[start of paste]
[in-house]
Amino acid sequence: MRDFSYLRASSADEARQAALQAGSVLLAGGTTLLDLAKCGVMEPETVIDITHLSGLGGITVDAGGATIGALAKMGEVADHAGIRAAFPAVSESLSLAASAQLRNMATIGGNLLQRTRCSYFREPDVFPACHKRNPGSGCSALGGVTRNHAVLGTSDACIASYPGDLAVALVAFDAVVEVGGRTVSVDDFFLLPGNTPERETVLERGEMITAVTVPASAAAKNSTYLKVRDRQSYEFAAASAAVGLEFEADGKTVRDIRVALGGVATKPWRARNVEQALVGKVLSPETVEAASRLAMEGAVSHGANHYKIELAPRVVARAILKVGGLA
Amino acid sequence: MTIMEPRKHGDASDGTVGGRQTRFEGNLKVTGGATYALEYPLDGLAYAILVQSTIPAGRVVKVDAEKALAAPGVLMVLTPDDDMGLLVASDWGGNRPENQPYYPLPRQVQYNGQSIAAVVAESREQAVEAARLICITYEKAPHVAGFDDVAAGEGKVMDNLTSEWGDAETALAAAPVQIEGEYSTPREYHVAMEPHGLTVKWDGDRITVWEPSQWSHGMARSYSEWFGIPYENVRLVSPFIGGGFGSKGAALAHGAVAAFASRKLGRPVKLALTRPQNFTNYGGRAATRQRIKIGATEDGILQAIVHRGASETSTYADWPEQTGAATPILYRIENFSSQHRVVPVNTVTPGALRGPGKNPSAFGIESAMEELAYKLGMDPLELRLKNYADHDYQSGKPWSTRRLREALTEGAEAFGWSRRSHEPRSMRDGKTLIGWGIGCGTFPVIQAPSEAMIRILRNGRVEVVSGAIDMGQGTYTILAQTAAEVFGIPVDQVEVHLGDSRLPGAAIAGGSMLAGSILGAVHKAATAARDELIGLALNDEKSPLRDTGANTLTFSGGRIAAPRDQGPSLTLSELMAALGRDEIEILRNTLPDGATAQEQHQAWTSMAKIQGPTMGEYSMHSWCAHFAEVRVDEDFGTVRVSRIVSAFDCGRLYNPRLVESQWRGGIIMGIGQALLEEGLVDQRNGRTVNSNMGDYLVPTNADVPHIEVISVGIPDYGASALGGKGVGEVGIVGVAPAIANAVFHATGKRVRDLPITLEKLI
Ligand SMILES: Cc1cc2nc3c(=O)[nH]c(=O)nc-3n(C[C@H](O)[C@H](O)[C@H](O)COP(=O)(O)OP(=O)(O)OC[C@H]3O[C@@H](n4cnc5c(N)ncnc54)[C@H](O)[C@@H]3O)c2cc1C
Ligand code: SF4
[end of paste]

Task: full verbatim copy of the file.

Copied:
[in-house]
Amino acid sequence: MRDFSYLRASSADEARQAALQAGSVLLAGGTTLLDLAKCGVMEPETVIDITHLSGLGGITVDAGGATIGALAKMGEVADHAGIRAAFPAVSESLSLAASAQLRNMATIGGNLLQRTRCSYFREPDVFPACHKRNPGSGCSALGGVTRNHAVLGTSDACIASYPGDLAVALVAFDAVVEVGGRTVSVDDFFLLPGNTPERETVLERGEMITAVTVPASAAAKNSTYLKVRDRQSYEFAAASAAVGLEFEADGKTVRDIRVALGGVATKPWRARNVEQALVGKVLSPETVEAASRLAMEGAVSHGANHYKIELAPRVVARAILKVGGLA
Amino acid sequence: MTIMEPRKHGDASDGTVGGRQTRFEGNLKVTGGATYALEYPLDGLAYAILVQSTIPAGRVVKVDAEKALAAPGVLMVLTPDDDMGLLVASDWGGNRPENQPYYPLPRQVQYNGQSIAAVVAESREQAVEAARLICITYEKAPHVAGFDDVAAGEGKVMDNLTSEWGDAETALAAAPVQIEGEYSTPREYHVAMEPHGLTVKWDGDRITVWEPSQWSHGMARSYSEWFGIPYENVRLVSPFIGGGFGSKGAALAHGAVAAFASRKLGRPVKLALTRPQNFTNYGGRAATRQRIKIGATEDGILQAIVHRGASETSTYADWPEQTGAATPILYRIENFSSQHRVVPVNTVTPGALRGPGKNPSAFGIESAMEELAYKLGMDPLELRLKNYADHDYQSGKPWSTRRLREALTEGAEAFGWSRRSHEPRSMRDGKTLIGWGIGCGTFPVIQAPSEAMIRILRNGRVEVVSGAIDMGQGTYTILAQTAAEVFGIPVDQVEVHLGDSRLPGAAIAGGSMLAGSILGAVHKAATAARDELIGLALNDEKSPLRDTGANTLTFSGGRIAAPRDQGPSLTLSELMAALGRDEIEILRNTLPDGATAQEQHQAWTSMAKIQGPTMGEYSMHSWCAHFAEVRVDEDFGTVRVSRIVSAFDCGRLYNPRLVESQWRGGIIMGIGQALLEEGLVDQRNGRTVNSNMGDYLVPTNADVPHIEVISVGIPDYGASALGGKGVGEVGIVGVAPAIANAVFHATGKRVRDLPITLEKLI
Ligand SMILES: Cc1cc2nc3c(=O)[nH]c(=O)nc-3n(C[C@H](O)[C@H](O)[C@H](O)COP(=O)(O)OP(=O)(O)OC[C@H]3O[C@@H](n4cnc5c(N)ncnc54)[C@H](O)[C@@H]3O)c2cc1C
Ligand code: SF4